10. i-so-want-to-go-there award: Bittersweet, by Sarah Ockler. The diner in this book (Hurley's) is the sort of place I'd love to pull up a seat at. But beyond that Hudson's story and the people around her are the people I'd love to be around for a while. The hockey boys. Her family. The people at the diner. I'd love to pull a blue-ski-do and jump into this book, please.

11. most original & imaginative: Cinder, by Marissa Meyer. Cinderella reimagined as a sci-fi story with robots and aliens? Um, yes please.

12. best under-appreciated, hidden gem book: Life is but A Dream, by Brian James. I honestly don't think I've even seen this book in stores, which is such a shame as it's all kinds of creepy, mysterious, pretty, and on top of that a really solid story and exploration of mental illness. I want more people to read it.

13. i-had-no-idea-i-would-love-this-so award: Fangirl, by Ken Baker. I'm really sorry this isn't out yet, as I want everyone everyone to read it. It's so adorable, such a perfectly sweet little gem of a story. I picked it up at ALA mostly because the premise was pretty awesome (a popstar falling in love with a fangirl -- whaaat?) and while I expected it to be a fun read, I wasn't expecting to fall so head-over-heels for it the way I did.

14. most haunting story: Unwind, by Neal Shusterman. The whole idea behind this book (read it on the Goodreads page because I can't really explain it but basically teenagers can be "aborted" sort of, as long as every part of them is donated to someone else so they're "technically" still living) is weird enough, but there's one chapter in particular -- and if you've read it I'm sure you know what one it is -- that is so totally haunting. It makes me shudder.

15. outside my comfort zone, but gosh how i loved it: And Then There Were None, by Agatha Christie. I don't read crime novels. And it's not like I won't, but so often they just don't appeal to me and I don't really "get" the writing and they're creepy. But this? It's probably the first whodunit I've read and it made me want to explore the genre further. Now I get why Agatha Christie is one of the greats.

16. series that i'm loving: A Million Suns, by Beth Revis. (The Godspeed trilogy.) AH! Such great sci-fi. I'm waiting impatiently for the conclusion to this incredible, awesome series. A Million Suns just blew me away.

17. book i'm recommending most often: Walk Two Moons, by Sharon Creech. I know it's an older one, but I've already had my mom read it and now I've passed it on to my dad. It's a book that I really think everyone (EVERYONE) should read. And yes, this means you. Get on it.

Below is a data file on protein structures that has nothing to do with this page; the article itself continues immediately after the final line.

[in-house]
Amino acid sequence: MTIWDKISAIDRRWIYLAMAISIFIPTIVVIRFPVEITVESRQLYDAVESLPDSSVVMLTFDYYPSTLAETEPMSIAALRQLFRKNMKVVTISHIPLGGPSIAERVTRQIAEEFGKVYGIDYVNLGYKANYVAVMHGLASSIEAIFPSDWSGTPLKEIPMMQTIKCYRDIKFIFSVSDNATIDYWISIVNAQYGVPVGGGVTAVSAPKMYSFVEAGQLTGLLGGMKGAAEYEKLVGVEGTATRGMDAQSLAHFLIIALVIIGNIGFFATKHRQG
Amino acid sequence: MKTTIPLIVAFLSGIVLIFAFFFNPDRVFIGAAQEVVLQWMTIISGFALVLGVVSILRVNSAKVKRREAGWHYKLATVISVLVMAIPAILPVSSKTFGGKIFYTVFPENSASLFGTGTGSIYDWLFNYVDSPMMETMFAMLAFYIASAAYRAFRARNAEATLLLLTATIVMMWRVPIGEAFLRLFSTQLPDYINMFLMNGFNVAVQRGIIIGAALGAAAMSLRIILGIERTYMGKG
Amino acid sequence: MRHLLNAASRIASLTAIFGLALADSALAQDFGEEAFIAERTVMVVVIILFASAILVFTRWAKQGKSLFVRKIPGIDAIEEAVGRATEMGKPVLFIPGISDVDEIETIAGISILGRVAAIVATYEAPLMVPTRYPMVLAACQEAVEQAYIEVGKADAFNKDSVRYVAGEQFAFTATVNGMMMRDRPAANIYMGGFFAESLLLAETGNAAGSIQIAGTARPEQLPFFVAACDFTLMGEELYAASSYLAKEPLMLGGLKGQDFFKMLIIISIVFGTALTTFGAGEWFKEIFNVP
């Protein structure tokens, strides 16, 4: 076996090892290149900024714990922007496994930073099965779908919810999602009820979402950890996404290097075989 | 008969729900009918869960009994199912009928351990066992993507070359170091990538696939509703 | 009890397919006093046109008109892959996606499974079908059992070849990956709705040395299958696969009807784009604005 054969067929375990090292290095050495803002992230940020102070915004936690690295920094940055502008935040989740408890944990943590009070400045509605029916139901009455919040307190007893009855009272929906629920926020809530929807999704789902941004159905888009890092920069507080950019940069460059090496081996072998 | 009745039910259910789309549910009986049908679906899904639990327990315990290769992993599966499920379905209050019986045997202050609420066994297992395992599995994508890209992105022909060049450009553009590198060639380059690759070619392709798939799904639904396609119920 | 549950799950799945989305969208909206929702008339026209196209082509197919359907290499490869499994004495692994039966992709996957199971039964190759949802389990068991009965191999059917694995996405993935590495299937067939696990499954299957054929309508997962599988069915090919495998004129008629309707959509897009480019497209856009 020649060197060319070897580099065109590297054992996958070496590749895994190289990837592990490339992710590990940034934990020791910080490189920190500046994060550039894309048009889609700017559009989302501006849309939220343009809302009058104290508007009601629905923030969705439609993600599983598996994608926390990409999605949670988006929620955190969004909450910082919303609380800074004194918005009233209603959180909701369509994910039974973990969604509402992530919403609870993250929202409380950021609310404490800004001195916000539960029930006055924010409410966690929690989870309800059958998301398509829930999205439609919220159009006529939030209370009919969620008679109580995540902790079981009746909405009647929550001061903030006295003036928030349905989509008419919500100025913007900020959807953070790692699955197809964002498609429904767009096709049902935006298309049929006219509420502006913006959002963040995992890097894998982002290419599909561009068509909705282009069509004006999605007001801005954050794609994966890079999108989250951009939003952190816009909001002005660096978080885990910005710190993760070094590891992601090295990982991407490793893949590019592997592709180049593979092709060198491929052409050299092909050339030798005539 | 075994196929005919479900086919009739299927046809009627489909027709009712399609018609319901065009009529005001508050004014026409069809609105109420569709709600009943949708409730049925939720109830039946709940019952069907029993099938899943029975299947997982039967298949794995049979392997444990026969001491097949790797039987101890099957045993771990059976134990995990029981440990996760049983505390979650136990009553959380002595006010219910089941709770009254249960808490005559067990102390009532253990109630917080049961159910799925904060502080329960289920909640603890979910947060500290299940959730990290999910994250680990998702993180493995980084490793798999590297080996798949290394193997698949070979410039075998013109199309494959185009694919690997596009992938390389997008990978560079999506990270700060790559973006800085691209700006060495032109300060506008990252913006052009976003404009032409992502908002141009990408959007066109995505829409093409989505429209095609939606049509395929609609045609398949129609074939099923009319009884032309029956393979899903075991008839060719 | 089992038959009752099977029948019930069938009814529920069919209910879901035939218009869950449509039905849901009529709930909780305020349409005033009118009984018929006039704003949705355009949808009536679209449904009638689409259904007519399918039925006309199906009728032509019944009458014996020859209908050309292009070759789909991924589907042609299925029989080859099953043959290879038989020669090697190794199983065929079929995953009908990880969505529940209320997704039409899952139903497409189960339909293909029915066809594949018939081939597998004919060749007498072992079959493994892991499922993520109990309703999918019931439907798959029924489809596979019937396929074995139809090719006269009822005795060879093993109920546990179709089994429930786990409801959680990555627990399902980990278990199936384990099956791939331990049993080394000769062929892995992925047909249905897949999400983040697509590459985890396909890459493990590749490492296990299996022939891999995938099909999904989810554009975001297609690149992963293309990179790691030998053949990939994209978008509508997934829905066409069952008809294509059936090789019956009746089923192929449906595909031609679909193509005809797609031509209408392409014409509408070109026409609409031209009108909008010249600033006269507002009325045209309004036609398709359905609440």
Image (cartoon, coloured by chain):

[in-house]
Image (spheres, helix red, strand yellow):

18. completely awesome premise award: The List, by Siobhan Vivian. There are always quite a few awesome premises, but in this case The List just takes the cake. I mean, a story told by the prettiest and ugliest girl in each grade at the same high school? LEGENDARY. And so well done by Siobhan Vivian.

19. would make the best movie: Bittersweet, by Sarah Ockler. And by "best" I mean this is the movie I'd personally love the most. A sweet, winter-flavored romantic comedy with cupcakes, hockey, ice-skating, and an overly-smart younger brother? MAKE IT HAPPEN, MOVIE PEOPLE.

20. want to reread already: Fangirl, by Ken Baker. You guys, this is the last book I read and I already want to reread it, if only to make all kinds of doodle-y notes in the margins. That's how much I love it. (I actually have the book in a basket by my bed and the last few days I've been re-skimming it, making little notes, etc. I love it.)

Tuesday, July 17, 2012

Tuesday Ten: Books For People Who Like If I Stay

This week's topic from The Broke and the Bookish is "books for people who like [x book]." I chose If I Stay, so for the most part, this list is going to read as a roundup of the best grief YA. But really, it is all based around books I think would be stellar if you love If I Stay.

1. Where She Went
Gayle Forman
Let's get the most obvious out of the way first: if for some reason you've read If I Stay but not its sequel Where She Went, get on that. This book is just as (if not more) emotional and powerful as the first as the story of Adam and Mia continues, this time told from Adam's POV.

2. Looking for Alaska
John Green
This book is similarly centered around life and death in a very big way as it explores life, death, suffering, and all those big-ticket items. I'm pretty sure you've all read it already.

3. The Fault in Our Stars
John Green
Oh, another John Green book! And another book that considers big-ticket themes in a big way. As with If I Stay there's a sense of loss from the very beginning and while Hazel has no choice in her life/death, the way she handles her disease and her future death in regards to those she loves reminds me a lot of Mia in If I Stay and the struggles she has to deal with.

4. Adios, Nirvana
Conrad Wesselhoeft
This is one of the biggest read-alikes for If I Stay, in my opinion. It's different from other books on this list because music is such a huge part of the story -- just as it is in If I Stay. It's similarly beautiful and heartbreaking. I recommend you read it.

5. Before I Fall
Lauren Oliver
Alright, this is another huge read-alike. The main character is dead, or almost, or something like that. She's a bit in-between, same as Mia, and even at this late stage in her life she's trying to make the best choices possible. Beautiful. Powerful. Heartbreaking. Amazing. so many feelings.

6. I Now Pronounce You Someone Else
Erin McCahan
I realize that this one, a book about a teenage girl planning her wedding, is notably different from the others on the list. But there's a feeling to If I Stay that, to a certain degree, I Now Pronounce You Someone Else also shares. Both Mia and Bronwen are so in love and both of them are hugely influenced by family. Also, the writing is just great.